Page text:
Investing in Her: Jessica Mullen, Chief Innovation & Design Officer

News Culture
Jessica Mullen Mar 08, 2024
Jessica Mullen
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Empowering and investing in women not only fosters individual growth but also drives collective progress towards a more equitable and prosperous society.

To celebrate International Women’s Day, we caught up with the women in our senior leadership team to hear more about their career journey, the importance of investing in women and the advice they would share with others looking to follow a similar career path.

In this edition, we met with our Chief Innovation & Design Officer, Jessica Mullen, to hear how she went from wanting to be a chemistry teacher to starting her career in the digital industry and building her own business.

Can you tell me about your career path so far? What led you to where you are today?

I’ve had a varied career journey so far, gaining experience in many different fields leading me to where I am today. When I finished school, I studied chemistry at Aberdeen University then teaching, with plans to become a Chemistry teacher. After taking a year out after university to work in the hospitality industry, I decided teaching wasn’t for me. One day I spotted an advert in the newspaper from an e-learning start-up looking for someone who had a background in education and science with an interest in technology. That was the beginning of my career in digital, as an eLearning Content Developer where I went on to progress to Production Director. During this role, I started my MBA.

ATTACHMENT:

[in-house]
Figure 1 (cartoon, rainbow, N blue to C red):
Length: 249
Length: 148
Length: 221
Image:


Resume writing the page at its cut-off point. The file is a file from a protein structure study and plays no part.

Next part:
I continued working in several director roles, moving into the agency world as an Account Director and then Client Services Director within the space of a few years, before switching to a service design consultancy as their Managing Director.

I’d always wanted to run my own business so it was only a matter of time before I did that. In 2016, CreateFuture was born. During the time of building a business, I qualified as a leadership coach, and when CreateFuture joined forces with xDesign in 2023, I moved into the Chief Innovation & Design Officer role.

What are the benefits of investing in women’s leadership and decision-making roles in various sectors?

There is a lot of evidence around gender diversity in senior leadership teams promoting company success, balanced decision making and more diversity across the whole business. Female leaders often bring a compassionate, people-focused leadership style and are skilled in creating psychologically safe environments for our teams to thrive.

It’s also incredibly important for other women to have female role models and see women in senior positions, especially in industries that are still predominantly male-dominated.

Who has invested in you? How did they do it? And, what have you achieved as a result?

Even though I didn’t always appreciate it at the time, my parents always pushed me to achieve and never doubted that I could do whatever I set my mind to. My Dad was an entrepreneur, with a strong work ethic, so I grew up around the idea of starting a business, taking risks and working hard.

My coach, who I’ve had the pleasure of working with for many years, has been a lifesaver sharing advice and key lessons alongside a number of informal mentors I’ve had at different stages of my career.

Who has had a significant impact on your life or career, and continues to inspire and motivate you?

Throughout the majority of my career, I’d always had female managers and worked within companies that were female-led. The lessons I’ve learned from them have inspired me greatly along my career path.

I’ve also had some negative experiences in toxic working environments. Working in these situations has motivated me to become the leader I wish I’d always had and to create an inclusive culture I wish I’d always been part of.

But mainly it’s my colleagues. They inspire and motivate me to be the best leader I can be.

What advice would you give to someone starting out in your field or aspiring to follow a similar career path?

Don’t be fooled by the description of ‘soft skills’ - they are the hardest and often the most important. Nurture them.